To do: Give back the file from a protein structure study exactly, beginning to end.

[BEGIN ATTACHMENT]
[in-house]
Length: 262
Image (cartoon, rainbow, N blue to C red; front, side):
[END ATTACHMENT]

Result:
[in-house]
Length: 262
Image (cartoon, rainbow, N blue to C red; front, side):